The country has what must be a unique balance-of-trade problem: last year, exports amounted to exactly one percent of imports. The gap is met almost entirely by American aid. A third of a billion dollars has been spent here since Washington decided in 1955 to transform the little kingdom into "a bulwark against Communism.” Laos has received more American aid per capita than any country in the world. Hut instead of helping the West, this assistance has been so badly administered that it has actually given a solid issue to the Communists. One American congressional investigator commented that there was, about the whole program, “an almost fairy-tale implausibility.” The primitive economy was flooded with goods that couldn't possibly be used, including imitation Laotian sarongs from Japan. Millions of dollars

were spent on highways which disappeared with the first rainy season. In 1954, there were five cars in Vientiane. So many local businessmen have grown rich on the profiteering and corruption which has accompanied the U. S. aid that the city now has something like three hundred MercedesBenz.

Three quarters of the American aid funds have gone into building up a prowestern army in Laos, and this has been the worst bargain of all. On paper, the Vientiane-based Royal Laotian Army looks impressive. It has a total of almost sixty thousand men under arms, compared with less than half that number fielded by the rebels. Hut, despite generous military aid which at $4,500 per man has made the price of maintaining one Laotian soldier twice as high as that of any other nation receiving American assistance, the Royal Laotian Army is the western world’s least effective group of fighting men. "It’s impossible to exaggerate the incompetence— and frequently the cowardice — of the Royal Laotian forces,” I was told by one western military observer in Vientiane.

in eight years of almost steady retreat from an enemy force half their size, the

Royal Laotian troops have inflicted very few casualties, almost all by land mines and artillery barrages fired in the general direction of the enemy. Liven in their only successful engagement — the recapture of Vientiane last year — they refused to do any hand-to-hand fighting. The battle for the city was fought almost entirely by artillery. with so little contact between opposing armies that there were an estimated three hundred civilian casualties, but only seventy-five among the troops. When the Pathet Lao rebels opened up on them with a noisy 85-mm. Russian cannon, just before the recent cease-fire was negotiated in Geneva, the Royal Army infantrymen not only threw away their rifles, but many took off their shoes so they could retreat faster. Earlier this year, when the troops of one Royal Laotian army general put up unusually spirited resistance against the advancing rebels, western military attaches in Vientiane soon discovered the reason: the Communists were trying to occupy an opium plantation in which the Royal Laotian general had a heavy private investment.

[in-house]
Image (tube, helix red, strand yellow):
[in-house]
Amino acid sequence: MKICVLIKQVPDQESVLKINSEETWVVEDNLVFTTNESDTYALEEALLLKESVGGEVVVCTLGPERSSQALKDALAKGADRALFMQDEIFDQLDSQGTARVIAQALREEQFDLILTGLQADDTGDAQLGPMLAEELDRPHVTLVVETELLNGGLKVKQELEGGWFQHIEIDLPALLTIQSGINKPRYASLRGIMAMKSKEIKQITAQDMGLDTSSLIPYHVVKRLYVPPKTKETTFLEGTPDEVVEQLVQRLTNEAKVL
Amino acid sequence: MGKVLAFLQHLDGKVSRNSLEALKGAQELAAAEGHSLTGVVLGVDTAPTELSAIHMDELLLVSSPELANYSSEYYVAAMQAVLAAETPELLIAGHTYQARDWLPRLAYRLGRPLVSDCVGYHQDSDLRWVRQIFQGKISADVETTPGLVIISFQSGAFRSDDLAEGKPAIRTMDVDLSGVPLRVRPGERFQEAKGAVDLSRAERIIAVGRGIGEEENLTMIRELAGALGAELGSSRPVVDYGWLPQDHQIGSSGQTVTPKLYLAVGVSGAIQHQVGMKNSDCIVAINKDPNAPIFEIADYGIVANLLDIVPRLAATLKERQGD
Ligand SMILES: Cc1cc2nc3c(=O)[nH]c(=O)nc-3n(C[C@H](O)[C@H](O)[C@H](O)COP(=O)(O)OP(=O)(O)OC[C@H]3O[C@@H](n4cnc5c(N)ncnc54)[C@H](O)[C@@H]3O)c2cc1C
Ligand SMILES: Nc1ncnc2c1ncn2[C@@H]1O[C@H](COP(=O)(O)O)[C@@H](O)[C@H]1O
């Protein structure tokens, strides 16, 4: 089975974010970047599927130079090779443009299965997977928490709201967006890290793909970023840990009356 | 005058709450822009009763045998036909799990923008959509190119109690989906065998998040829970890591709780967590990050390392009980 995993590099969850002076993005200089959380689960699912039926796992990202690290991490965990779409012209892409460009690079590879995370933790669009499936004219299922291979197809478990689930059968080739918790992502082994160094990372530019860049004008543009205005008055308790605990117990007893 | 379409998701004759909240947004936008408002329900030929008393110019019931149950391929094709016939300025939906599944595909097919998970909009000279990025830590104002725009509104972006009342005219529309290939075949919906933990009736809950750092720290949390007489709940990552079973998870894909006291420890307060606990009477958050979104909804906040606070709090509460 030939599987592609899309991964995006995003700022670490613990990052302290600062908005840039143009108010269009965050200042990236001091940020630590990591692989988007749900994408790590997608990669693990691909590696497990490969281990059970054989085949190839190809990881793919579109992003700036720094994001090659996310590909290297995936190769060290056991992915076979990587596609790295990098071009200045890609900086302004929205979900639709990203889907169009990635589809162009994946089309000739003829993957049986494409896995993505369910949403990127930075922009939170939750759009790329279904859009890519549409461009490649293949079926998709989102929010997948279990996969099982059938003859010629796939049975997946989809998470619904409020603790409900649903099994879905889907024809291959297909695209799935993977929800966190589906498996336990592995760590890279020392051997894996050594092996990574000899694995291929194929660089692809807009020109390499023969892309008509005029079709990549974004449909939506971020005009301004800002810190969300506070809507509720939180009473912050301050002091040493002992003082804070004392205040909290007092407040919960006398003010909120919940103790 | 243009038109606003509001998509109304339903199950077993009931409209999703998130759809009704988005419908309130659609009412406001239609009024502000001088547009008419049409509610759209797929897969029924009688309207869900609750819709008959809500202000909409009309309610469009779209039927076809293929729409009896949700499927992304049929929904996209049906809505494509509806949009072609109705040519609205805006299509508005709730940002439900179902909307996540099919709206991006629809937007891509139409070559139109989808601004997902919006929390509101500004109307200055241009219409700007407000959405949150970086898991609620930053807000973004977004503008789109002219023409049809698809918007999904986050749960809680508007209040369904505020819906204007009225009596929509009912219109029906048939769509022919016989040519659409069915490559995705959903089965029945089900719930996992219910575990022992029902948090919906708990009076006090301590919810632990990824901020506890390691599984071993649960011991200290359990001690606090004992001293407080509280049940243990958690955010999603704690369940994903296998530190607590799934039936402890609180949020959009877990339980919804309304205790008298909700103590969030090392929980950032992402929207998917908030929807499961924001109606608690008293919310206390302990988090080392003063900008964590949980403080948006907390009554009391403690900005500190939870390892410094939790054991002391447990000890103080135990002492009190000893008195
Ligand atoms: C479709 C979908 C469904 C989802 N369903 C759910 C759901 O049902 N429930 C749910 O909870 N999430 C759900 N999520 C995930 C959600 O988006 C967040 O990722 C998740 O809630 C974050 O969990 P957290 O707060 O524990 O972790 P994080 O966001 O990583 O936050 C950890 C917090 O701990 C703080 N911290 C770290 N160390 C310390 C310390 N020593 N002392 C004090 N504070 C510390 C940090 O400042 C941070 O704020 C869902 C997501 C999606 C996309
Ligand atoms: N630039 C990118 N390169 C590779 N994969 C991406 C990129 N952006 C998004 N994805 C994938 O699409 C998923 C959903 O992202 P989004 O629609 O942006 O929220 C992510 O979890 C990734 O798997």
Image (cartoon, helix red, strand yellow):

The main obstacle faced by the American military advisers who have been training this absurd army is that the Buddhist religion, to which most Laotians belong, specifically prohibits killing another human being. (They dislike the idea of killing so much that no Laotian wants to become a butcher, and all the meat shops in Vientiane are owned by Chinese.) That such religious scruples don’t apply so strictly to the Pathet Lao is due mainly to the fact that the past eight years of jungle living has weeded out all but the determined Communists. One western military observer in Vientiane half-seriously expounded a much simpler theory. "The main difference in the morale between the two armies." he said, “is that the rebels are fighting their way toward the fieshpots of Vientiane, while the Royal Laotian troops must leave them to go into battle.”

The rebels are being aided by North Vietnamese technicians, as well as organized units of "volunteers." Their arms are supplied by a Soviet airlift which this year alone is known to have made at least a thousand sorties, delivering forty-five tons a day to Xieng Khouang. the Communist stronghold in northern Laos. The rebel forces are thought to have at least fifty large field guns and a hundred and fifty vehicles, including armored cars.

But their main asset is the will to fight. Originally the rebels were a nationalistic movement against the French who were the colonial masters of Laos for the first half of this century. The resentment of the Laotians was based on the French policy of maintaining the country as a worthless buffer state between their wealthier colonies of Cambodia and Vietnam on one side and the aspirations of the British in Burma on the other. 1 was told that during fifty years of rule. French schools in Laos turned out just sixty-one high school graduates; elementary education was provided for only one percent of the population. The country was granted full independence from France in 1953. anil its history since then has revolved around the inability of the central government in Vientiane to defeat the Pathet Lao. Goaded on by Communist agitators, the rebels transferred their hostility from France to the United States, because the Americans had jumped in to fill the vacuum left by the sudden withdrawal of the French.

Laos has three princesThey all want to be king